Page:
Hiking supplies: I carry an 18-foot whip as a sound deterrent to wild animals in regions far from trails and posted attractions (it’s either that or you’re left with the advice of chunking rocks—a defense in which I don’t have a lot of faith). Carry a supply of water and trail mix that can be stretched-out for a few days, if need be. I carry two sets of leather gloves, a backup compass, a high-intensity Mag flashlight, a couple of small flashlights, a lighter, matches in a waterproof container, extra batteries and a park map. (My map is a 1980s era topo map with trails illustrated, weatherproofed and tear-proof). Except for the whip and water all of this is in my shoulder bag. Attached to the outside of that shoulder bag are various clips, nylon cord, a GPS (designed for hiking into the unknown), my main compass and a collapsible walking cane.
In-Camp supplies: Have a sturdy tent with floor protection; water; a small stove (I use a Fold & Go that I’ve modified); plenty of fuel for your stove; a sub-zero rated sleeping bag; plenty of food (prepackaged freeze dried food is probably the best as it doesn’t emit an odor until cooked). Cook, eat and dispose of your food away from your camp—so as not to invite unwanted guests (e.g. bears); a medical kit (I even have a lower-leg Aircast Boot for immobilizing the toes-to-calf region) and crutches.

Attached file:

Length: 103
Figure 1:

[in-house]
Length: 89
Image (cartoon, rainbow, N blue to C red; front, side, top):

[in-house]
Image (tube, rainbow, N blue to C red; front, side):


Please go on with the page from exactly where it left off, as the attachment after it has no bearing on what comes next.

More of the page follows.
My point here is to illustrate the preparation necessary to comfortably survive adverse events and conditions. Never assume you are taking just a little day trip by foot. That may be your intention, but you might find yourself in a struggle for survival.
Do not wave-off all this as excessive preparation. In 2012 a couple of, “experienced,” Big Bend National Park visitors had to leave the park due to the government shut-down. With vacation time remaining, they visited the nearby Big Bend State Park. They parked their car and while wearing shorts and T-shirts struck out on a short day hike. It was days later when the husband managed to find help and was able to get his lost wife rescued. Where did they find her? Within a mile of their car and suffering from extreme exposure. They survived only because God protects children and fools—and they were not children.
In 2010 I was several miles into the desert when sundown left me unable to discern the surrounding landmarks. I then turned on my GPS—so that I wouldn’t walk in circles—and used my compass. After about four hours I walked out of the desert and onto that main two-lane road I mentioned at the outset above. At that point, using a combination of the GPS and map revealed my exact location.
The beauty of Big Bend can be brutal if you aren’t prepared and in the silence of the desert, no one will hear a plea for help.
So, as I learned in Scouting: Always be prepared.
The Photographs of this gallery are from a visit to Big Bend in mid-to-late October of 2011.